Sunday, 25 November 2012

Doha's in the news a lot at the moment...

Not only is Doha now famous for it's visit by NoVisibleLycra's co-founder, yours truly, but other luminaries are there too. Robert de Niro is one of them. He's in the Qatari capital with the Tribeca Film Festival, which he co-founded back in the early noughties. For more, click here.

De Niro was staying at Doha's Grand Hyatt, where I spent most of last week.

In fact, the Grand Hyatt is hosting this year's climate change conference. Click here for more details.

Gusty in places...

Trying to take original photography at the Tatsfield Bus Stop is getting harder
Those winds remained, but there was no rain, although it had clearly rained a lot during the night. I headed off around 7am and en route to the green nearly got knocked off the bike, the wind was that strong. I'm just glad I wasn't landing in the UK on an Emirates flight from Dubai as I'm sure it would have been bumpy.

At the green there was no sign of Andy, which was rare, but another bloke turned up on his Gary Fisher mountain bike and we chewed the fat as we both waited for our cycling pals to arrive. Andy arrived first, but prior to his arrival the other bloke and I chatted about cycling and various routes and I told him that we'd been doing this every weekend for the past six years and so on.

A field adjacent to the Tatsfield Bus Stop
Last night, or rather yesterday evening, Warlingham Green switched on it's Christmas lights and I really must get a shot of the tree because it's tiny! Still, unlike Tatsfield Village Green, at least the lights work! Last year, when Andy and I visited Tatsfield Village on Christmas Eve we were amazed to find a tree with the lights not working.

Andy turned up and we headed for the Tatsfield Bus Stop. It was a normal kind of ride. We had our tea and cereal bags, chewed the fat about this and that and headed home again.

The weather was good, if a little windy. The skies were clear blue, it wasn't too cold and a lot of the trees were bare – typical NVL weather, which we like.

Saturday, 24 November 2012

Heavy winds...

Winds like those howling outside at the moment were expected on Friday, which was worrying for yours truly as I was flying into Gatwick from Qatar. Fortunately, it was a clear evening. As always, however, the weathermen often get it a day or two out and now, as I type this at 0618hrs, the wind chime is playing a vigorous tune and the trees are swaying to and fro. But is it raining? At the moment it's too dark to say, but having not riden out yesterday – through tiredness, not jet lag – there's a need to go out today, especially when you consider that all week I've been sitting down, either on a plane or in a conference hall.

This, if you like, is brief note. Hopefully, I'll be reporting back later having gone out, although I'm guessing today will be a short one to somewhere covered like the Tatsfield Bus Stop.

More images of Qatar

About to take off for Dubai from Doha with Emirates.
The Doha to Dubai flight was scheduled to leave around 0945hrs and it did. The flight was pleasant and took about an hour. Much, much better than the heavy turbulence experienced on the Dubai to Doha flight early on Monday morning.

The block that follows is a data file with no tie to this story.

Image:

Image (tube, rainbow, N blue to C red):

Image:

Qatar allows drinking in hotels.
While my Best Western in Old Salata Street was dry and had no bar, the Grand Hyatt did. Here's my glass of wine to prove it.
Qatari sunrise on Friday 23 Nov 2012

Despite no early morning call, the sun woke me up in time to catch my flight from Doha to Dubai and then, of course, my connecting flight to London.

Images from Qatar

View from my 10th floor at Qatar's Best Western hotel
I spent most of my week in a conference
If I'm honest (which I am) I didn't have much time while in Qatar to do anything but work. Everyday, around 8am, I was out of my hotel, the Best Western on Old Salata Street, and in the hotel limo being ferried the 25-minute journey to the Grand Hyatt where, incidentally, Robert de Niro was staying, apparently.

My hotel was very pleasant, mainly because it was quiet and out of the way, although only ten minutes or so from the airport, which was handy on Friday as it meant that I didn't have to get up at an ungodly hour. Well, that depends on your point of view. I asked for an early morning call as my mobile phone had run out of power and I'd left my charger at home. The early morning call, however, did not materialise and it was fortunate that the early morning sun, rising over the buildings, sent a hot, white beam into my room as the curtains were drawn slightly apart.

I jumped out of bed, finished packing up my stuff and then headed downstairs to pay my bill and get a taxi to Doha International airport. I shared my taxi with an offshore engineer from Streatham (yes, it's a small world) and he too had been staying at the Best Western.

I was on the 10th floor, right at the top, in room 1001. There was a small swimming pool on the 11th floor but I had no time and no trunks, which was mildly annoying, although I knew that I wouldn't have the time or inclination. The pool was small and indoors and went I reached my room I would blog for a bit, do the news for the newsletter (and the website) and then hit the sack. I never once switched on my flatscreen television, the hotel was dry (meaning there was no bar, the nearest being at the Movenpick down the road, but a drink's not that important. Not anymore).